Bronze animal statues weren’t the only thing looted from the Old Summer Palace when it was put to the torch by British and French troops at the conclusion of the Arrow War in 1860; the imperial kennel was robbed as well.
A set of purloined Pekingese dogs were among the booty taken from the sacked gardens as part of the spoils of war. Soldiers discovered five little pooches cowering amidst the noise and the confusion and scooped them up before presenting them to their officers.
Let’s pause for a moment, on the eve of the Year of the Dog, to reflect on a group of soldiers not just looting priceless art and treasures, but also grabbing imperial puppies on the way out of town. That’s cold.
The five dogs were brought back to England, where they caused quite a sensation among upper-class canine enthusiasts.
Lord John Hay bestowed a pair, named Schloff and Hytien, to his sister, the Duchess of Wellington. Sir George Fitzroy gave another pair to his cousins, the Duke and Duchess of Richmond and Gordon. But one of the puppies was destined for even fancier digs.
Captain John Hart Dunne, part of the squad that found the dogs, was high in his praise of the remaining pup, writing that it was “a most affectionate little creature… a pretty little dog, a real Chinese sleeve dog. It has silver bells round its neck. People say it is the most perfect little beauty they have ever seen.”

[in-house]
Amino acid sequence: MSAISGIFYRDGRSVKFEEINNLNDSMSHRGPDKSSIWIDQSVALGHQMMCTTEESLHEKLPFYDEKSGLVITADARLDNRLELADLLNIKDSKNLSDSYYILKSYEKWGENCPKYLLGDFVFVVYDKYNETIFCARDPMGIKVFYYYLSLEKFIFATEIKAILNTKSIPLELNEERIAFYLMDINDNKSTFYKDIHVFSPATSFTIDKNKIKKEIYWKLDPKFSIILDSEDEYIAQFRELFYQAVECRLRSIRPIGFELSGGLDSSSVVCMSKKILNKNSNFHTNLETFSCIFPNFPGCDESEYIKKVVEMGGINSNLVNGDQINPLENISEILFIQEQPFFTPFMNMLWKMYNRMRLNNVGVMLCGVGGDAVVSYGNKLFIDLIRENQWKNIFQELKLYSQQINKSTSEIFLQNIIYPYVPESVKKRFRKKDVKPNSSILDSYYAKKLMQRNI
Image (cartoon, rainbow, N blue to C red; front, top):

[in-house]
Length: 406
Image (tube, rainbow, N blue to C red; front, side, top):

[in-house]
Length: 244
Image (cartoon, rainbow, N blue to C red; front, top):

And so he gifted the fifth dog to none other than Queen Victoria.
According to an 1861 selection from the London Illustrated News curated by historian Gillian B. Bickley:
It is supposed to have belonged to the Empress of one of the ladies of the Imperial family. By what name it was known to its small-footed mistress* will in all probability remain a mystery. It has, however, appropriately enough, been renamed Looty. Her Majesty having been graciously pleased to accept Looty, it forms one of the Royal collection of dogs. Looty is considered by everyone who has seen it the smallest and by far the most beautiful little animal that has appeared in this country.
Looty? Seriously? Little wonder why the Chinese refer to this era as a “Century of Humiliation.”
Apparently, Looty had some trouble assimilating to the royal pack.
Harper’s Weekly via the New York Times Archive** picks up the story:
He was a very lonely little creature, the other dogs taking exception to his Oriental habits and appearance,*** and when the Prince and Princess of Wales returned from a Continental trip, the latter pleaded with her mother-in-law to be allowed to take Looty to Sandringham. About six months later Looty’s mate arrived from China, and the breeding of this species of dog became a diversion in fashionable society.
Looty finally settled in and enjoyed a brief moment of celebrity with portraits and photographs published of the Queen’s new pooch.
While Looty died in 1872, one wonders if a team of Beijing lawyers is even now planning to sue to have all Pekingese dogs repatriated to Beijing, because goodness knows there aren’t enough of the yippy ankle-nipping poop-dispensers here already.
Happy New Year!
* In a footnote, Bickley corrects the original writer, noting that Manchu ladies of the imperial court did not bind their feet.
** NYT, February 25, 1912, Sunday Section: Society College News Drama Fashion Music, Page X2, 387 words
*** Imperialism was a bitch…even the DOGS back then were racist. Kidding. Kind of.
Images from the Royal Collection Trust.
This article is based on a post originally published on my old site, Jottings from the Granite Studio, on March 26, 2009.
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